Also back in school I was listening to American and British alternative music heavily: Nirvana, Pearl Jam, Alice in Chains, Oasis, The Verve, The Prodigy, The Chemical Brothers and retrospectively going back to the greats like Pink Floyd, The Doors, Black Sabbath etc, slowly moving on to other forms of music ranging from Baroque and Romantic period of Classical music to the extremities of Norwegian Black Metal. Around 2002 I started studying History of Western Art starting with Vincent Willem van Gogh and Salvador Dalí, quickly moving on to Impressionism and Post-Impressionism and then tracing back the roots to early Renaissance. I started studying Philosophical works of Descartes, Soren Kierkegaard, Friedrich Nietzsche, Franz Kafka and Albert Camus among others. Nobody, I repeat, nobody introduced me into any art forms/artists/directors/musicians or taught me anything. I introduced several people into several different filmmakers, bands, artist etc. But there is not one person who introduced me into anything, that I didn’t know already (this is in college though). I discovered art and artist all by myself. The treasure is out there only for those who seek it.

I went to a film school in Europe in 2012. So you see, film school didn’t teach me much other than the technicalities. I have studied everything all by myself straight from the masters. Before I went to shoot my first feature film I have already seen about 5000 films from more than 100 countries (yes, that is right, last time I counted it was 112 or something) and almost every master you can think of, from every corner of the world. I was raised by European and North American Music and Cinema and the Western school of Philosophy. And even though later on I spread my learning sources from Japan to Middle East, from Africa to Latin America (and off course India and its Ancient Philosophy and Hindustani and Carnatic Music and their evolved forms), I am primarily a product of Western school of thought and expression.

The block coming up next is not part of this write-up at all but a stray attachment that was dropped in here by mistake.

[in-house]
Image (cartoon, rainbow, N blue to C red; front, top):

Now do I resemble the majority of urban Indians? You decide. I do look like you. But my mind does not look anything like your mind. There are a few oddballs like me in this country (and I know a few of them too), like everywhere else, but I suppose that’s not the majority of the urban India. I am not against Indian mainstream films or Indian culture. But I do not see why I have to limit myself to only Indian art and culture and expression just because I was born here. The world is my inheritance and I draw influence from every culture and place. Is that a taboo? I don’t know. But I am certainly looked down upon by you, Anonymous and some others like you, for ‘being pretentious’ it seems. So if you judge me and my film/writings/expressions with your own standards and your own understanding of life and find me to be pretentious I guess you have to realise you are not looking at the mirror when you are looking at me. I am not you. And if I make a film within your expectation to please you, that would be ‘pretentious’.

Karma Is A She -Wolf is as real as it can be, it’s a confessional, semi-autobiographical film based on truths and events that I have lived. So Anonymous, go ahead, hate the trailer, diss the film. That’s alright. You have no obligation to tolerate it. But don’t call me ‘pretentious’. My film is probably more real than you can ever attempt to be.